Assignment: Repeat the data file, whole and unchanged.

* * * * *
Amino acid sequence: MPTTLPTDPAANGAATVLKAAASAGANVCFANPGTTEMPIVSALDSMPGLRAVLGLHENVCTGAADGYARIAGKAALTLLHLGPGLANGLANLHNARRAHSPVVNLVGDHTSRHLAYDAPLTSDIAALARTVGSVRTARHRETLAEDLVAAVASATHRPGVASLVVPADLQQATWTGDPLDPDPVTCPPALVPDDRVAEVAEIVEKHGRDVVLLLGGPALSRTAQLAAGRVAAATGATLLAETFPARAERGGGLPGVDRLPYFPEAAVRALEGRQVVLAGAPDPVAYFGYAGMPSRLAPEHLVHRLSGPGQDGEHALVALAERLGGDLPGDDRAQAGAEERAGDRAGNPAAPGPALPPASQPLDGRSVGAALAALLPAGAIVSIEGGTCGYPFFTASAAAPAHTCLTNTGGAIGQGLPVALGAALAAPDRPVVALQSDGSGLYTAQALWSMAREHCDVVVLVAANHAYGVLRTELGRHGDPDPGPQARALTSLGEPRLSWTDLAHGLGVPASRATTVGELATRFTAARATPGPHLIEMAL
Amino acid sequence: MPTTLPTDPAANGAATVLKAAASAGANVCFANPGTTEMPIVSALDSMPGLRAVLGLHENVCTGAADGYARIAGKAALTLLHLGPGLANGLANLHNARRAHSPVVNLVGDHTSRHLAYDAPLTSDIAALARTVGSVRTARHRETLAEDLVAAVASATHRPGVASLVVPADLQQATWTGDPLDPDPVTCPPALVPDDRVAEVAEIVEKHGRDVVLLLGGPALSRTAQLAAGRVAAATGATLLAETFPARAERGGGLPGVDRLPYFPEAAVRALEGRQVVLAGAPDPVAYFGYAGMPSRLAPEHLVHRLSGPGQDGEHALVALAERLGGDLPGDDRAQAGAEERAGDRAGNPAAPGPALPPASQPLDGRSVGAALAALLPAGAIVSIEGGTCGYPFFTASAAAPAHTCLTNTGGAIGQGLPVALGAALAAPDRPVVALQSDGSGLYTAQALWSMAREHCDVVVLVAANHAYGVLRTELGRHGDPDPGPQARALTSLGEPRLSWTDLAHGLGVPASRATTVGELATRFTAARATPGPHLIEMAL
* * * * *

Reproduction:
Amino acid sequence: MPTTLPTDPAANGAATVLKAAASAGANVCFANPGTTEMPIVSALDSMPGLRAVLGLHENVCTGAADGYARIAGKAALTLLHLGPGLANGLANLHNARRAHSPVVNLVGDHTSRHLAYDAPLTSDIAALARTVGSVRTARHRETLAEDLVAAVASATHRPGVASLVVPADLQQATWTGDPLDPDPVTCPPALVPDDRVAEVAEIVEKHGRDVVLLLGGPALSRTAQLAAGRVAAATGATLLAETFPARAERGGGLPGVDRLPYFPEAAVRALEGRQVVLAGAPDPVAYFGYAGMPSRLAPEHLVHRLSGPGQDGEHALVALAERLGGDLPGDDRAQAGAEERAGDRAGNPAAPGPALPPASQPLDGRSVGAALAALLPAGAIVSIEGGTCGYPFFTASAAAPAHTCLTNTGGAIGQGLPVALGAALAAPDRPVVALQSDGSGLYTAQALWSMAREHCDVVVLVAANHAYGVLRTELGRHGDPDPGPQARALTSLGEPRLSWTDLAHGLGVPASRATTVGELATRFTAARATPGPHLIEMAL
Amino acid sequence: MPTTLPTDPAANGAATVLKAAASAGANVCFANPGTTEMPIVSALDSMPGLRAVLGLHENVCTGAADGYARIAGKAALTLLHLGPGLANGLANLHNARRAHSPVVNLVGDHTSRHLAYDAPLTSDIAALARTVGSVRTARHRETLAEDLVAAVASATHRPGVASLVVPADLQQATWTGDPLDPDPVTCPPALVPDDRVAEVAEIVEKHGRDVVLLLGGPALSRTAQLAAGRVAAATGATLLAETFPARAERGGGLPGVDRLPYFPEAAVRALEGRQVVLAGAPDPVAYFGYAGMPSRLAPEHLVHRLSGPGQDGEHALVALAERLGGDLPGDDRAQAGAEERAGDRAGNPAAPGPALPPASQPLDGRSVGAALAALLPAGAIVSIEGGTCGYPFFTASAAAPAHTCLTNTGGAIGQGLPVALGAALAAPDRPVVALQSDGSGLYTAQALWSMAREHCDVVVLVAANHAYGVLRTELGRHGDPDPGPQARALTSLGEPRLSWTDLAHGLGVPASRATTVGELATRFTAARATPGPHLIEMAL